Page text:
Other elements of the task force’s approved recommendation included limiting charter school expansion in north Tulsa and creating a parent resource center.
The resource center will share the former McLain 7th Grade Academy building with the Tulsa Learning Academy and offer support services for families.
The City Council this week will consider ordinance changes that would set the minimum age for electric scooter users at 16 and prohibit people from riding the vehicles on sidewalks in certain parts of town.
The proposed ordinance amendments also would limit the number of riders on a scooter to one and provide funding to educate riders and the public about the rules and regulations pertaining to electric scooters and bicycles.
Nick Doctor, the city’s chief of community development and policy, said the city began evaluating its regulations for electric scooters in April, when temperatures began to rise and ridership numbers started to climb.
“The changes we’re proposing reflect areas where scooter riders, street and sidewalk users, businesses and others have identified places for greater clarification or direction and address a need we’ve seen for more robust education efforts,” Doctor said.
Bird and Lime, the electric scooter vendors operating in Tulsa, require users to be 18 years old.
“But that is not a legal policy from our perspective; it’s just a business policy,” Doctor said. “So we wanted a legal standard in place.”
In settling on 16 as the minimum age, city officials relied on recognized best practices and the reasonable expectation that individuals that age “have knowledge of traffic laws and the rules of the road,” Doctor said.
The existing city ordinance prohibits scooters from being ridden on sidewalks in “business districts,” a term that has led to some confusion. The proposed ordinance names those districts — the Inner Dispersal Loop, Cherry Street and Brookside.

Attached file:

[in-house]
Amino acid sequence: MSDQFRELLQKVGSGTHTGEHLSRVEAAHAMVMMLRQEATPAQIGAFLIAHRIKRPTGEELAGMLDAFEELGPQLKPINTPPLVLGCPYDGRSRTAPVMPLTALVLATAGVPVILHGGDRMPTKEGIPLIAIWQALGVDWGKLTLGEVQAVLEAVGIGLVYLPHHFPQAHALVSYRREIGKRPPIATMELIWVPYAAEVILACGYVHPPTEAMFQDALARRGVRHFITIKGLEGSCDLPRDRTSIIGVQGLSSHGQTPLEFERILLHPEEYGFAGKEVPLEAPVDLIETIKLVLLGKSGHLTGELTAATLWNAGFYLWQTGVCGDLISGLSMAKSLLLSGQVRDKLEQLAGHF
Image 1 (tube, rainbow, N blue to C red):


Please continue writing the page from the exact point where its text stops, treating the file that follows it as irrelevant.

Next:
Inner Dispersal Loop is defined as the area of the city bounded on the east by U.S. 75, on the west and north by Interstate 244, and on the south by Oklahoma 51; Brookside is defined as Peoria Avenue from 31st to 41st streets; and Cherry Street is defined as 15th Street from Peoria to Utica avenues.
Doctor said there are two reasons scooter users are prohibited from riding on sidewalks in those neighborhoods: the volume of pedestrian traffic and the fact that the speed limits in those areas are relatively low, making it more conducive to operating scooters in the streets.
“We are trying to avoid those conflict points between scooter users, bicycle users and pedestrians,” Doctor said.
The city charges electric scooter companies operating in the city separate licensing and maintenance fees based on the number of scooters in their fleets. Since scooters arrived in Tulsa in late October, those funds have been used for maintenance and infrastructure expenditures.
The proposed ordinance changes would direct some of those funds toward education programs.
“It’s clear that we need resources to be able to do that effectively for this form of technology and for any future forms of technology,” Doctor said.
The proposed ordinance changes also make clear that the same city regulations that apply to bicycles apply to electric scooters.
The scooters have been popular in Tulsa since the day they arrived.
As of Friday, nearly 101,000 riders had used a Lime scooter for a total of 377,072 rides. Bird has had 21,199 unique riders, who have accounted for 50,979 rides.
The Mayor’s Office first proposed possible changes to the electric scooter ordinances in May, shortly after a 5-year-old boy died after falling off a Lime rental scooter operated by his mother.
The City Council will discuss the proposed ordinance changes in a committee meeting Wednesday. No vote is scheduled.